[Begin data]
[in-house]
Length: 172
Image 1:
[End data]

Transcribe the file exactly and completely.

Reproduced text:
[in-house]
Length: 172
Image 1: